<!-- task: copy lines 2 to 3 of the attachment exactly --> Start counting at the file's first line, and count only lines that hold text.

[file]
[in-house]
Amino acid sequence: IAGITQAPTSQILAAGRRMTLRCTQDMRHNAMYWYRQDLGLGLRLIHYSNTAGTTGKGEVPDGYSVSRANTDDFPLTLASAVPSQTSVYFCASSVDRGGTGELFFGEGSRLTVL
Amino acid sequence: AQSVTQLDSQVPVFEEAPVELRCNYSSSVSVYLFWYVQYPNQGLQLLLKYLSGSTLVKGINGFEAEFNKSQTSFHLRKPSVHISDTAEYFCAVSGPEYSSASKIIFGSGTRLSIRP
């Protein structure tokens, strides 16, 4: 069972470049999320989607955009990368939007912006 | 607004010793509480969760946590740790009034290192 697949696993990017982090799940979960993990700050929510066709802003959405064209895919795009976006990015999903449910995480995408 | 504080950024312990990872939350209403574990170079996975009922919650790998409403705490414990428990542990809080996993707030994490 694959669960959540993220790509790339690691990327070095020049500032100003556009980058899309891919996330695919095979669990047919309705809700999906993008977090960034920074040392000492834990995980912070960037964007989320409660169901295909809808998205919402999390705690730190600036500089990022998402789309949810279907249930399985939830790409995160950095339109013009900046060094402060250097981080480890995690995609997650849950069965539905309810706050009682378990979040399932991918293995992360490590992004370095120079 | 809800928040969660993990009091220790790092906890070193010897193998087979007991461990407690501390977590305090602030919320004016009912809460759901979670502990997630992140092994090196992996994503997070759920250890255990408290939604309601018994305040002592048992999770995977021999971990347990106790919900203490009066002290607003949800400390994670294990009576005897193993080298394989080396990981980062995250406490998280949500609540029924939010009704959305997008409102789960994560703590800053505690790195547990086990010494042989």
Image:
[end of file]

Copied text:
Amino acid sequence: IAGITQAPTSQILAAGRRMTLRCTQDMRHNAMYWYRQDLGLGLRLIHYSNTAGTTGKGEVPDGYSVSRANTDDFPLTLASAVPSQTSVYFCASSVDRGGTGELFFGEGSRLTVL
Amino acid sequence: AQSVTQLDSQVPVFEEAPVELRCNYSSSVSVYLFWYVQYPNQGLQLLLKYLSGSTLVKGINGFEAEFNKSQTSFHLRKPSVHISDTAEYFCAVSGPEYSSASKIIFGSGTRLSIRP